Compact Coupling for a Confined Space
STRAUB solution saves major tunneling expense
Environmentally friendly, sustainable and renewable, hydropower ranks as one of the most likely sources of electricity in our future. The Klösterle Power Station in Eastern Austria uses a 1,063-foot (324 m) elevation difference between the two communities of Stuben and Danöfen to move water to a power plant that produces more than 60 gigawatt hours of power annually for the region. The water moves downhill through a cast iron pipeline that passes through a narrow tunnel.
Continuous shifts in the bedrock along the pipeline required flexible pipe connections in the original design. This movement increasingly resulted in axial misalignment, angular deflection and changes in axial length at the pipe joints. Powerplant operator Vorarlberger Kraftwerke commissioned local consultants to measure the movements and design a solution to the shifting bedrock that threatened the pipeline.
Confined Space in the Tunnel
The engineers proposed components that included flanged compensators and dual-gasket couplings to manage the shifts in the pipes. However, the installation zone was more than 656 feet (200m) along a very narrow passageway in the tunnel. Two workers would have to manually walk the components into the tunnel. The weight of each component could therefore not exceed 110 pounds (50kg).
The couplings, however, were heavy products that could not be dismantled. It appeared that the tunnel would have to be enlarged and the pipelines moved. Because of the extensive pricetag and the long timeline for widening the tunnel, Vorarlberger Kraftwerke sought a better solution and contacted STRAUB.
The STRAUB technical team developed a prototype coupling featuring welded-on lugs. In addition, STRAUB tested the installation of the pipe coupling in a confined space similar to the tunnel. The STRAUB-Open-Flex 4H pipe coupling met the installation criteria and also passed a pressure test. The 65.7-inch (1,670mm) coupling can accommodate changes in length up to 7.9 inches (200mm), can compensate for up to 0.6 inches (15mm) of expansion and contraction, and can be dismantled into two halves.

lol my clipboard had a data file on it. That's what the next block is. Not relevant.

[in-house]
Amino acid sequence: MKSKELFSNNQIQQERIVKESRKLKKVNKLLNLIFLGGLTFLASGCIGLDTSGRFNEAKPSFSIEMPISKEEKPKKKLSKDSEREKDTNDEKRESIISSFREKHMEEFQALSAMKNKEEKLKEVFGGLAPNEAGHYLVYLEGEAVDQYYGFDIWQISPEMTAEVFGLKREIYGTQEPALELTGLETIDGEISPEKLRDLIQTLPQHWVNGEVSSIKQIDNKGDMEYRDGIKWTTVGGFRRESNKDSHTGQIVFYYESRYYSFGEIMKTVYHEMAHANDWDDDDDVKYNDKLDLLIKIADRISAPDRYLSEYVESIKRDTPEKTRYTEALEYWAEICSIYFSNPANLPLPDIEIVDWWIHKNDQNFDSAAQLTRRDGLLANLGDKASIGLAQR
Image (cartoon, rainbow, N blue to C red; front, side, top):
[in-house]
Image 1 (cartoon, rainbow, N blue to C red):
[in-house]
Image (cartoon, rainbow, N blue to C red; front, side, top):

Since the weight of the individual components is under 110 pounds (50kg), the components could be easily be moved into the tunnel by two workers. STRAUB’s two-piece housing meant the coupling could be installed without needing to move the pipes or expand the tunnel.
Demonstration and Installation
STRAUB technicians installed the first STRAUB Open-Flex coupling and providing continuing support during the project. Three workers installed the couplings – one on each side of the pipe and a third on top of it. All three pipes in the critical area were supported between the spigot and bell sockets and then cut twice, producing a gap between the pipe ends of approximately 1.18 inches (30mm). The cut surfaces were sealed with corrosion protection.
Next, a 7.9-inch-wide (200mm) steel strip insert was placed around the pipe and the sealing sleeve placed on top of it. Then, workers placed the two halves of the casing over the sleeve from the top and bottom, and tightened the coupling with a torque wrench. All six pipe couplings were installed within one day, allowing the pressure tests on the installed couplings to be carried out without delay.
To monitor movements of the pipe in the future, workers marked the exact position of the couplings by tracing around the perimeter of the pipe. By continually monitoring the markings, engineers can determine when movement within the coupling has reached
By continually monitoring the markings, engineers can determine when the movement within the coupling has reached 0.6 inches (15mm). At that point, the locking bolts are unscrewed and the sealing sleeve adjusted to protect the integrity of the connection.
This simple, elegant STRAUB solution saved the project owner and contractor extensive time and money, and helped to keep the water flowing at the Klösterle Power Station.